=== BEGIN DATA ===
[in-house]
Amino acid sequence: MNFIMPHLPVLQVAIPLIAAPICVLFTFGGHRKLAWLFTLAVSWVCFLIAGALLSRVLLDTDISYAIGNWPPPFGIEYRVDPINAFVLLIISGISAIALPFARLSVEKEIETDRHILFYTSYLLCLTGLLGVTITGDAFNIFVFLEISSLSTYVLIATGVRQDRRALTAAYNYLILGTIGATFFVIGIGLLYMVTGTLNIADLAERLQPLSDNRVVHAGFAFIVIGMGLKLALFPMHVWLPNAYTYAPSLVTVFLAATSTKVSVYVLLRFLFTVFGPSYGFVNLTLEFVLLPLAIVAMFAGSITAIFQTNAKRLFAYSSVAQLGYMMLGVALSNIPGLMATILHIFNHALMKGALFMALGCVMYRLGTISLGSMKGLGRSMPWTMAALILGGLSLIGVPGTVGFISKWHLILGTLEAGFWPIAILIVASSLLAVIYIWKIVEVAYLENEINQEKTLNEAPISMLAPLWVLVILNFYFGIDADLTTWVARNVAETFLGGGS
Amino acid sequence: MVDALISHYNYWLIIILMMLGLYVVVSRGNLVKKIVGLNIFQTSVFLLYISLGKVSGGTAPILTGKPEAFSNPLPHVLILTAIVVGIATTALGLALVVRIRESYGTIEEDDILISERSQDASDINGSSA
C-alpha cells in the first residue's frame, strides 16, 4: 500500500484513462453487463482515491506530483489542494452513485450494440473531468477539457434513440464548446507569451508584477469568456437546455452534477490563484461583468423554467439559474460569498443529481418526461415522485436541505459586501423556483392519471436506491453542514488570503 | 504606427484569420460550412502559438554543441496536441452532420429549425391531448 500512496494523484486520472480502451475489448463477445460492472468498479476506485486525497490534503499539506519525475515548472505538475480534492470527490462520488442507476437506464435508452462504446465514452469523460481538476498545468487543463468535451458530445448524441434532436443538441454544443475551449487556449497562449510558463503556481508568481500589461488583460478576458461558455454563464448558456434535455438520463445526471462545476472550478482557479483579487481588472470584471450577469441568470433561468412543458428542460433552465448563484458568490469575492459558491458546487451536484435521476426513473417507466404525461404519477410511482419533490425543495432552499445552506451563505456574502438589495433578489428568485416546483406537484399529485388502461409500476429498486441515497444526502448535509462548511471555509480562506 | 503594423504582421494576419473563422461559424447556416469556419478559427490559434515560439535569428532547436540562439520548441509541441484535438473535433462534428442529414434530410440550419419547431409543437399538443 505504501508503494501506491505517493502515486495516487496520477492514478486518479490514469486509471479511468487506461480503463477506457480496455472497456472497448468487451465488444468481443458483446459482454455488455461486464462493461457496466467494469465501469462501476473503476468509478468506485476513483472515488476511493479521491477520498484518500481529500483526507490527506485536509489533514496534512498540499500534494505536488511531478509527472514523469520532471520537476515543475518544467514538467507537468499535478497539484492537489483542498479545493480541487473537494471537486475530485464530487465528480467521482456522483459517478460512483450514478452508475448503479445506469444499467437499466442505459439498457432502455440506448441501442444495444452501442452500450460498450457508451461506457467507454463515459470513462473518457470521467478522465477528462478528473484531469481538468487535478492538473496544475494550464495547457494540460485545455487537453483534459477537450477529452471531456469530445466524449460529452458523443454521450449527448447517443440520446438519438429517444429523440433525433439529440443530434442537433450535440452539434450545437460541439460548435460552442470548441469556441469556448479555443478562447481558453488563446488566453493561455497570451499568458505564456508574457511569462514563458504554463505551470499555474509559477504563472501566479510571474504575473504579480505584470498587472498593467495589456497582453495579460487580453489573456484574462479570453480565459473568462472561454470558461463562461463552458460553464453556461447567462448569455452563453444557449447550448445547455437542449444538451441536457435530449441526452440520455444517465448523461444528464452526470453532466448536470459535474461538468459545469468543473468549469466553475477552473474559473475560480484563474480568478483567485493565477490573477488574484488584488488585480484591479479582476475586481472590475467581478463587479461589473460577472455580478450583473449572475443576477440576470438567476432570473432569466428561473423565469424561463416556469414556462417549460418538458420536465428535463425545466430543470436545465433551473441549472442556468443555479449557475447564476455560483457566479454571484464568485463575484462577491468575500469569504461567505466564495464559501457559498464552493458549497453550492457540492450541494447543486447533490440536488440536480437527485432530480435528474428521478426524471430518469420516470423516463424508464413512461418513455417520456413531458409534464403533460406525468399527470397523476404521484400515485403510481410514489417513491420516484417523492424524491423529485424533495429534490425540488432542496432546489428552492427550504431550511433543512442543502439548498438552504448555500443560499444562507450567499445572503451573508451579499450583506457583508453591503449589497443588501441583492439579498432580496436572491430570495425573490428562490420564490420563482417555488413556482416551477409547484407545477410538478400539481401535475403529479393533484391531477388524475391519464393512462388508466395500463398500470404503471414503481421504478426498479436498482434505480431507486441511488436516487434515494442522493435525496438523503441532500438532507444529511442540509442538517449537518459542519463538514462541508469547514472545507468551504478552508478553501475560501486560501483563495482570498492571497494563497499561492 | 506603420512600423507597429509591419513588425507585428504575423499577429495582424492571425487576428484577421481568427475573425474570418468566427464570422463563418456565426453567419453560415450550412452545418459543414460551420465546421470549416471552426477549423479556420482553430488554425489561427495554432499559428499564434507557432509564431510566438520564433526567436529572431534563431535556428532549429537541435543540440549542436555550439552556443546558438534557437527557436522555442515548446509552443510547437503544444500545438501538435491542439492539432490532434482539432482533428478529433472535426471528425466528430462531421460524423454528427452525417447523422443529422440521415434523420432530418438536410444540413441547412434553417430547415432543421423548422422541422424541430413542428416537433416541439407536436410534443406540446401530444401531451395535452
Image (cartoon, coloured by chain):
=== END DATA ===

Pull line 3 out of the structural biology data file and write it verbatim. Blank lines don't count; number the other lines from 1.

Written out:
Amino acid sequence: MVDALISHYNYWLIIILMMLGLYVVVSRGNLVKKIVGLNIFQTSVFLLYISLGKVSGGTAPILTGKPEAFSNPLPHVLILTAIVVGIATTALGLALVVRIRESYGTIEEDDILISERSQDASDINGSSA